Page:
By: Chelsea Crews (TMLJ Senior Articles Editor) & Allison Skopec (TMLJ Senior Online Editor)
October 16, 2017, 21:08 CDT
We sat down with Charlie Papavizas to discuss how the Jones Act has (or hasn’t) affected disaster relief efforts in the Caribbean and the political spotlight §27 has recently attracted.
TMLJ: Hi Charlie. Thank you for joining us. Our first question comes from a student who asks: why have certain territories been exempt from the Jones Act for decades?
CP: The only meaningful U.S. territories fully exempt from any U.S. flag requirement for trade with the rest of the United States are American Samoa and the U.S. Virgin Islands. In both instances, the exemption is more a matter of historical accident as much as anything else is.
TMLJ: Given the current business realities in the maritime sector, has §27 outlived its original or useful purpose?
CP: The Jones Act support community–consisting of U.S. ship owners and operators, U.S. shipyards, U.S. maritime and shipyard labor, and many other interests–would, of course, disagree that the Jones Act has outlived its original purpose or a useful purpose. In addition, and in most important respects, the Jones Act is an act of territorial sovereignty. In other words, it is the mechanism by which the U.S. Government controls its domestic maritime commerce like it controls all other U.S. interstate commerce whether by air or land. No country, of which I am aware, freely permits non-citizens to engage in its domestic trade (as distinct from its foreign trade) without complying fully with its domestic laws, including safety, labor, environmental, and tax laws. By restricting U.S. domestic maritime trade to U.S. flag vessels, the U.S. mandates application of those laws to domestic maritime commerce.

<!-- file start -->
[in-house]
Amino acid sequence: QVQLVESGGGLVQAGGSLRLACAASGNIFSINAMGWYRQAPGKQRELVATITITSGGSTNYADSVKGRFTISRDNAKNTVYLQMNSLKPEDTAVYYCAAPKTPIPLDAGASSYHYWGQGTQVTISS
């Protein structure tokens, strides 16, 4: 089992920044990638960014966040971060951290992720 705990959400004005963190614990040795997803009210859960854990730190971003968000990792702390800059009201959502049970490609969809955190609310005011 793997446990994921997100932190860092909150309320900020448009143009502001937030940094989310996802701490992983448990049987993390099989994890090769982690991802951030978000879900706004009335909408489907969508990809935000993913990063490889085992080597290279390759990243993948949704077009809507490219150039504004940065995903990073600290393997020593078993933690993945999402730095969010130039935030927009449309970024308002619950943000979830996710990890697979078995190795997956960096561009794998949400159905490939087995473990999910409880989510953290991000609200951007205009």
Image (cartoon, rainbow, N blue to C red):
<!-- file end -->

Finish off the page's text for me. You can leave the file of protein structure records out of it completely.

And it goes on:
The U.S. build requirement is, of course, one element of the Jones Act where there is no direct analogy with U.S. domestic air or land trade. However, even in those modes of transportation, like planes, trucks, cars, rail cars, etc., one must comply with U.S. safety and environmental standards, which are substantially different than the standards applicable in the European Union, Japan, Australia, or similar countries. And, there is a valid national defense argument specific to the build requirement and the Jones Act as a whole in terms of the need to support a shipyard defense industrial base and a core of qualified U.S. citizen merchant mariners.
TMLJ: Is a 10-day waiver long enough to make a difference in the flow of aid to Puerto Rico? If not, how long would be? Should there have been a waiver at all?